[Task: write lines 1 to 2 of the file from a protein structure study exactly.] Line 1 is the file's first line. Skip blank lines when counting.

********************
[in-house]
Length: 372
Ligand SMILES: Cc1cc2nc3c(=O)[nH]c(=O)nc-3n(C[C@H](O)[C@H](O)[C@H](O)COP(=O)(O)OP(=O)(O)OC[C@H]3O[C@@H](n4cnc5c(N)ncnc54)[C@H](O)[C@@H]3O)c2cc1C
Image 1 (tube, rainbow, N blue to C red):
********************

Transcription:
[in-house]
Length: 372